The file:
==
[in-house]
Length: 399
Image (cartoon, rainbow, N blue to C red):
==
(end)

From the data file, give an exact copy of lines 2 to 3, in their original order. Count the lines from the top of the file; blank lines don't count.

Length: 399
Image (cartoon, rainbow, N blue to C red):